The worst situation is ambiguity where both dimensions are unknown.

A complication arises from the fact that it is not always clear which VUCA element is currently at play. This carries the risk of taking wrong actions with potentially adverse effects.

The following table describes each element in more detail and also lists risks to avoid in order to manage successfully.

VUCA Element Description Example Risks
Volatility Situation: high
Actions: high
Rapid and unexpected changes with unclear duration but not necessarily hard to understand. We struggle to keep up. Thai flooding that took hard disk suppliers offline, shattered supply chains and caused a year long price spike Outdated information, too slow responses, risk-aversion
Uncertainty Situation: high
Actions: low
Not knowing what will happen and what the future will hold. Surprises are possible. Apple Pay creates uncertainty for banks Incomplete information, resort to what worked in the past
Complexity Situation: low
Actions: high
Too many moving and connected parts with unclear causes, effects and interactions with an overwhelming amount of information. Global financial crisis created snow ball effects due to the inter-connectedness of the global banking system Analysis Paralysis, address symptoms, resort to short-term fixes and quick-wins
Ambiguity Situation: low
Actions: low  
Multitude of different perspectives and viewpoints, cause-and-effect confusion, inability to correctly interpret events & situations. No precedents and „unknown unknowns“. The impact of the Internet of Things and the impacts of e.g. security flaws, direct M2M communication and data privacy. Failure to understand the significance of events, not taking appropriate actions, mis-interpretation

Note that VUCA does not leave room for a normal situation. With both dimensions ‘high’ it should be “all good!”. But VUCA still assumes Volatility. This makes Volatility the “new normal” in a VUCA world.

The all-too-common and omni-present fear of disruption that is constantly asking the nagging question: “Are we missing something?” is becoming a permanent elephant in the board room.

VUCA Management

VUCA Action Matrix

Each VUCA element has a default recommended action jointly sometimes described as “VUCA Prime” or VUCA’: Vision, Understanding, Clarity and Agility. Your address VUCA with VUCA’.

Agility is the recommended action for the simplest situation of Volatility. We can understand what is going on and what will be happening. We just do not have the time to analyse it. Things are simply moving so fast that we can often only react. This requires agility. On a personal as well as organizational level. In the context of business agility and inline with the U.S. Army learnings small teams that work with individual customers in a smaller market settings (situations) are an efficient way to implement this.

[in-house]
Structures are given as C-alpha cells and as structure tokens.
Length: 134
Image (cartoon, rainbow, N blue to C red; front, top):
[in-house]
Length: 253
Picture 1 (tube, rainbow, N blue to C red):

Even in the other situations there will always be an element of volatility. So agility is good to have in general.

The recommended actions for the other three situations include:

  • working harder to understand the reality of a complex situation e.g. with systems thinking
  • providing guidance in the form of vision in times of uncertainty e.g. with foresight
  • creating clarity in times of ambiguity e.g. with personality

Especially the last two require visionary and bold leadership. Leaders often ask me how they can gain the certainty that their vision or clarity is correct. As a futurist I would like to provide this certainty. But I also realize that it does not exist. There is no red pill.

You will have to lead the way without knowing yourself based on the confidence in yourself, your team, and partners. Being only certain about that you will find a way. The futures cannot be predicted, but it can be shaped.

So give me a turbulent world as opposed to a quiet world and I’ll take the turbulent one.

Andy Grove

Going deeper into leadership is beyond the scope of this article but it shows that good leadership, that is inspiring, servant, and instills a growth mindset is as critical to the success of an organization in a VUCA world as is agility.

To close with the beginning, here are some VUCA Solution Competencies taught by the Strategic Leadership Program of the U.S. Army War College:

Conceptual Skills:

  • Powerful frame-of-references & mental models
  • Foresight
  • Agile Problem Management

Technical Skills:

  • Systems Understanding
  • Networking/Relationships
  • Political/Social Competence

Interpersonal Skills:

  • Consensus Building
  • Negotiation
  • Communication

If you want to know more, we offer a training about “VUCA – Managing in a world of chaos.”